I've been a fan of Jim McCarthy since I heard a recorded session of his talk at one of the Microsoft developer conferences back in the 90s. The thoughts represented are echoed in Agile practices today.

There is a nice set of short videos at:

http://www.mccarthyshow.com/the-23-rules-of-thumb/

which are also available on YouTube:

http://www.youtube.com/user/McCarthyShow#g/u

He also has a recent (Dec 2013) keynote at InfoQ:

Culture Hacking
http://www.infoq.com/presentations/culture-hacking-singapore

Some my selected favorites:

Rule 1 - Don't know what you don't know
Rule 8 - Beware of a guy in a room

Dynamics of Software Development



Tuesday, May 03, 2011

Video: Games Everywhere: ... Serious Games ...

Games Everywhere : The Larger Role for Web Platforms and Services for Games & Serious Games (by Ben Sawyer, Serious Games Initiative)
http://www.youtube.com/watch?v=XPaCwjhZ2aY

Very dense video with lots of good information. Some time codes of interest:

3:30 What I'm playing lately -- keep everyone honest

7:00 Games everywhere -- where TV audience is going

23:00 Design Pattern Evolution

28:00 Google Maps for games

28:15 Start of many useful graphics/grids

30:00 Short Play / Long Lifespan

34:00 Health records and games

35:00 through 40:00 Many useful charts/graphs - dense

42:00 Good enough games

43:20 Brower games

45:20 Behavior change chart (change management)

46:00 Leveraging infrastructure outside the game

47:00 Neptune's Pride

51:45 Badges and Awards Question

Wednesday, April 27, 2011

Video: Learn About Chrome OS & Chrome Web Store

The presenter on this video, courtesy of Marakana,  is Arne Roomann-Kurrik, a member of the Google Chrome team and sort of evangelist. The presentation starts with an overview of HTML5 features and then covers Chrome OS and Chrome Web Store. Timecodes of note:

14:00 rumpetroll.com - is an interesting experiment with Web Sockets.

16:00 lionsnearyou.com - using geolocation features

19:00 What do we do with all this? Discussion of Web Apps:

tight focus
take advantage of big screen
rich experience - engage the user
visually stunning
fast

caniuse.com - useful site for tracking availability of HTML5 features in browsers (including mobile)

Entanglement - HTML5 game at the Chrome Web Store demoed. Nice!

31:00 discussion about legacy browsers and also Chrome OS

36:00 Chrome OS does not support NPAPI, but does support Native Client SDK.

39:00 tweetdeck HTML5 App discussed

50:00 Best Practices for Web Apps

use analytics
interact with users / ask for and react to feedback
accessibility for all
offer free trial
single sign-on (OpenID)
simple on-boarding for new users
take advantage of big screen (reflow)
use in-app navigation (don't use brower navigation)
get your app noticed (multiple channels)

59:30 don't forget tools like Chrome Developer Tools Audit Panel

The Google Chrome CR-48 notebook was mentioned a few times. Evidently it's been more popular with IT departments than they expected because of the no-configuration benefits.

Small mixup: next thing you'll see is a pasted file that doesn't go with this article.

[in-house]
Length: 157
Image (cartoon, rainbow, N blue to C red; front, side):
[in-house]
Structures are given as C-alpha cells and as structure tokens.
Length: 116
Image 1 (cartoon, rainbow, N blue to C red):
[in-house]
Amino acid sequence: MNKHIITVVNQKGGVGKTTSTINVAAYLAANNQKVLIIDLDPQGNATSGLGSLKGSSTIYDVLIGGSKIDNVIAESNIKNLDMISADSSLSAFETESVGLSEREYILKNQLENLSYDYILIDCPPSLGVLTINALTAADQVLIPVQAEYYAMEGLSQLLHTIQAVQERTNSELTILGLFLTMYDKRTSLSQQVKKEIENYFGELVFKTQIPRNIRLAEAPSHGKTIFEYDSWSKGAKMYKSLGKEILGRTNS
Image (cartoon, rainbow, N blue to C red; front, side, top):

http://www.youtube.com/watch?v=lmF4AAjv_VI

Tuesday, April 26, 2011

Video: Learning from StackOverflow.com

Joel Spolsky has one of the higher rated programming blogs and goes into the thought behind StackOverflow.com. It's a site designed to share programming information efficiently. Some interesting timecodes:

01:00 he worked on FogBugz

05:00 some interesting discussion about competing information exchange approaches

16:00 he worked on Excel VBA (a source of consulting work for me for years)

25:00 discussion about .NET stack and performance of C# being great

37:40 Things You Should Never Do (don't rewrite a software product from scratch)

44:00 stackoverflow.com is #1 resource for new programming technologies

http://www.youtube.com/watch?v=NWHfY_lvKIQ

Monday, April 25, 2011

Video: Introduction to JavaScript and Browser DOM

This is a good JavaScript foundation video that goes into considerable explanation of the JavaScript object model, prototypes, and gotchas. Timecodes I noted:

26:20 window global object gotcha

35:00 example of creating classes

53:00 omitted var gotcha

55:00 single threaded, waitForEvent

1:01 memory leaks in crack between JavaScript and DOM

1:04 Node.js and Coffee Script mentioned

http://www.youtube.com/watch?v=ljNi8nS5TtQ (Misko Hevery)

Sunday, April 24, 2011

Video: Speed Up Your JavaScript

Lessons on optimization are always prone to becoming dated, but there are many in this video that will probably stand the test of time. Especially useful were the ones related to documentFragment (34:00) to reduce browser reflow. The scope chaining (5:30 to ~13:00) discussion makes it clear that local variables are always the best to use, especially when compared to globals or DOM element property references. Maybe JIT optimizing compilation is helping with some of these issues in the latest versions of the browsers. Brief Q & A related to benchmarking (51:00) and profiling (55:00).

http://www.youtube.com/watch?v=mHtdZgou0qU (Nicholas Zakas)